Saturday, July 14, 2007

New face for editorial cartooning?

I post this not for the political message, but that this is done by one of Houston Chron's editorial cartoonists. However you feel about the content -- it is amazing at the face of cartooning and what is being done and skills one might need to have.

With YouTube and multimedia -- are we looking at more cartooning as video, mixed media productions?

8 comments:

jason folkerts said...

I see that a number of Editorial Cartoonists are heading the way of animation. I would love to try my hand at it - need to learn the medium tho'. I think it jumps into a whole new medium that may or may not catch with papers online. At this point you still can't beat a poignant pic when it hits the mark. And as far as the content of this editorial - good grief, talk about zero creativity and slamming America. It's getting old liberal left. If that's the best they can offer than the drawn editorial has nothing to fear and individuals like "Lisa" with the Washington Post have a bright and meaningful future when it comes to Editorials.

Jackilope said...

This has generated some discussion at another site I visit as far as approach to Editorial Cartoons.

I hesitated putting this up, because the blog is about the art of cartooning, cartoonists, etc. and not a political blog. Because of the approach and seeing Nick Anderson's line caricatures come to life 3D wise -- and because the video is getting buzz out there in cyberland -- thought it would generate discussion about the medium and direction cartooning could go. Just about the time cartoonists are utilizing Illustrator/Photoshop, etc. -- it's time to get into 3D modeling and animation.

The song is a parody of an exiting song -- I did listen a bit to the original today. The original tune isn't something I'd purchase or download, personally, but I can see where it would appeal to a younger audience.

Cartoon wise, I do think if someone is going to go about trying to make a go of it -- they've got to be as skilled in aspects of technology. Creating a web site or a blog, using software, scanners, etc. Seeing editorial cartooning kicked up a notch and animated AT a newspaper site is something indeed.

jason folkerts said...

I am going to try my hand at it this Fall. Any suggestions on someone I could talk to who gets the medium and could walk me threw the software?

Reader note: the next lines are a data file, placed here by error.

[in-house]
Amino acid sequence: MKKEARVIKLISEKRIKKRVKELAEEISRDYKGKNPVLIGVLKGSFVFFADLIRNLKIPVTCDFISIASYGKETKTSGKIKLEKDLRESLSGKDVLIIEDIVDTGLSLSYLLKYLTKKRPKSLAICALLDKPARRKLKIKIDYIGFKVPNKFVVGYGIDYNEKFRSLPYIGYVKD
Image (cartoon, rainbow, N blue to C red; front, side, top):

Jackilope said...

Much of how I learn something is by jumping in and referring to the help section and checking out books.

Software wise, Flash -- just for the animation part.

3D modeling -- one of my students steered me to http://www.blender.org/
It's free and open source and boy, there are artists that are awesome.

timbenson said...

Jason, you could view the animation of Mark Fiore, formerly of the San Jose Mercury News, on Daryl Cagle's website. He has been the trendsetter in animated political cartoons. He influenced Nick Anderson and Walt Handelsman, who, by the way, won this year's Pulitzer for political cartooning. You can contact him at www.markfiore.com or www.sfgate.com/comics/fiore. His contact phone number is (415) 215-9557. Lisa Benson is another conservative cartoonist from California who has caught the attention of national syndicates. She joins a list that includes Mike Shelton, the late Karl Hubenthal,(the designer of the Minnesota Viking head logo who hails from Nebraska) and Pulitzer winner Michael Ramirez.

timbenson said...

I should have mentioned that Lisa Benson is syndicated by the Washington Post Writers Group. Pulitzer Prize winner Tom Toles, who is more liberal than conservative, is the political cartoonist for the Post. He replaced the late, great Herblock.

jason folkerts said...

I like toles - he's a hoot.
He's been around forever...
Is Lisa Benson fairly new on the scene?

timbenson said...

As far as I know, Lisa is fairly new to syndication. She and M.G. Lord, who used to draw for Newsday, back in the the 80's, are the only conservative women cartoonists I've seen in national syndication. Former Fort Worth Star- Telegram cartoonist Etta Hulme,and Pulitzer Prize winners Ann Telnaes and Signe Wilkinson are women cartoonists who draw from a liberal point of view. Telnaes' cartoons are in Ken's show upstairs in the Horse Barn.